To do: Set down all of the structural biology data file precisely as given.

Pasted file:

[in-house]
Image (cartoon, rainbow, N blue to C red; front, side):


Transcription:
[in-house]
Image (cartoon, rainbow, N blue to C red; front, side):